Rosie Llewellyn-JonesBiographies of historical figures stitched together using the material that is available with a bit of imagination acting as a thread can be very interesting – as they leave some gaps open to interpretation for the reader. As you read you add the bits you know about the figure – mostly what you have heard about them from popular perception or read in school text books and it can be a heady mix of known facts and myths and legends surrounding the figure. I expected that a lot in Wajid Ali Shah’s biography – for he comes from an era that was well documented and he was the last of his kinds.

Rosie writes primarily from the British accounts of Wajid Ali Shah. The book starts on a not so great note. By second chapter I was lost in names and dates – there were just too many of them and the king himself was literally absent from these chapter that means around 30% of the book. A detailed account of his mother’s journey to England, her and many other family member’s death there may have been relevant – but how is the catering company’s details that served the meals when she briefly met the queen relevant – I could not get. It may be relevant when you are writing the catering company or its owner’s biography, but in a King’s biography – who was not even there during the meal? There are many such details that are just recorded facts but have no relevance to the story of the king’s story. Too many names and dates – relevant for a research student probably, but the general reader is bound to get lost.

From the 3rd chapter the book picks up and then it becomes interesting. I particularly loved the chapters on Kings wives – 375 in number and more importantly their hierarchy in the system. The concept of Nikah wifes or legally wedded wives, the Mutah or contract wives of two varieties – one who bear king’s children and the ones who do not – each of them had different rights to king and his property. Each of them was salaried wife in a way. Mutah wives were also married for a limited period. Author says that this is as per the Sharia law, and I am keen to understand this system from a Sharia follower – and wonder if this was a special provision for the king or it applies to any one who follows Sharia. The complications that these marriages and their offsprings lead to when the king looses his kingdom sounds hilarious for the reader and is definitely amusing for the author, but from what is written it seems the king was pretty ok with it. He was very comfortable with this whole situation and felt no responsibility towards his large extended family and continues to marry more and more women.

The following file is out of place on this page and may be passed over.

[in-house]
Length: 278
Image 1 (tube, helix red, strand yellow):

Another chapter that talks about the animals the king had in his in-exile residence in Calcutta is eye opening. We know about the animal love of many kings and their fondness for hunting, but this is crazy – having a Menagerie when you are living on a pension and that too having dangerous animals live with your own children and not to talk about spending a fortune on them. Since it is primarily a British account of Wajid Ali Shah’s life post he came in touch with them – you see their underestimating his lifetime for almost 30 years. All these years they kept giving in to his demands thinking that after all given his health he is not going to live too long and king had the last laugh. He comes across as a man who lived in his own world and refused to give up being a king – at least not within the confines of his small kingdom that he had created at Garden Reach in Calcutta.

I would have liked at least a chapter on his poetry, for that is what we Indians remember him the most for. I also wanted more insights on him as a person and as a king, but what you gather from this book is everything that was happening around him, especially in the days he spent at Calcutta. There is virtually nothing about his growing up days. At the same time I do understand the limited material that might be available on that aspect.

You might find it interesting in parts if British Era history excites you.

https://i0.wp.com/www.anureviews.com/wp-content/uploads/2014/08/Last-King-in-India-Wajid-Ali-Shah.jpg?fit=191%2C300https://i0.wp.com/www.anureviews.com/wp-content/uploads/2014/08/Last-King-in-India-Wajid-Ali-Shah.jpg?resize=150%2C150Anuradha GoyalBook ReviewsHistoryHistoryBiographies of historical figures stitched together using the material that is available with a bit of imagination acting as a thread can be very interesting – as they leave some gaps open to interpretation for the reader. As you read you add the bits you know about the figure...Book Reviews by Anuradha Goyal